Building a track in the rural southwest of the country, far from the capital Seoul, was one mistake made by South Korea’s organizers. When the races started in 2010, they didn’t produce the spark many hoped would kindle a passion for the sport in one of the continent’s richest countries.

With low attendance figures and a regional government that balked at the expense after the private sector struggled to cover costs, South Korea’s race received the checkered flag in 2013.

That was the same year India also pulled the plug on its Grand Prix experiment, just two years after starting and amid a heated tax dispute between organizers and the government.

With strong government support, Vietnam is expected to motor through any initial bumps and establish itself firmly on the circuit as exotic destination, just as Malaysia did back in 1999.

Some feel Vietnam should look to its fellow ASEAN member, the first in the region to get involved in Grand Prix racing, for guidance.

“In the early stages of its organization here, the F1 races helped to promote Malaysia as a world-class sporting destination, as well as promoting Malaysia as a global tourist destination,” said then prime minister Najib Razak in 2017.

This is clearly what Vietnam aspires to. In the medium and long-term, however, there will be challenges. Najib acknowledged that the benefits eventually ceased to outweigh the costs of hosting the race; 2018 was the first year this century that Malaysia was not involved on the circuit.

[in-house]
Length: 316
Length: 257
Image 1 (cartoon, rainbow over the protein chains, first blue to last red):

In 1999, only 16 countries played host to the prestigious race, including two Asian nations. That figure has since increased to 21 nations, including six Asian countries, a competitive expansion which has diminished the returns to certain organizing countries.

Singapore’s night race around the rich city-state’s streets has already become an iconic part of the F1 calendar, while Malaysia’s now shuttered Sepang circuit lacked the same glitz and spectacle.

Malaysia has since turned in a bigger way to MotoGP motorcycle racing, which is increasingly popular in Southeast Asia and much easier and cheaper to host. The races are also much easier for fans to attend and view.

This is will be the long-term challenge for Vietnam, as well aw Liberty Media, which purchased the sport for US$8 billion in 2017. A Formula 1 Grand Prix is the pinnacle of motorsport, but does not automatically provide a strong commercial foundation for host nations.

Indeed, Vietnam was not in the top 20 of F1’s biggest viewing markets in 2018. Of the ten teams that will take part this season, nine are European with one from the United States. Of the 20 drivers, the closest there is to an Asian is Alexander Albon, who was born and raised in the United Kingdom, but has a Thai mother.

The lack of local connection makes it harder to attract Asian sponsors and fans, as well as inspire potential local drivers. Even those who are inspired to compete will find there is not much of a pathway to the top without first moving to and racing in Europe.

In the short-term, as long as the backers have the cash and interest, the immediate benefits for Vietnam as a host country are almost assured. To prolong those and follow Malaysia’s example may be a realistic target, but following Japan and building a long-term F1 culture will be a hard road ahead.

By John Duerden - Asia Times - March 16, 2019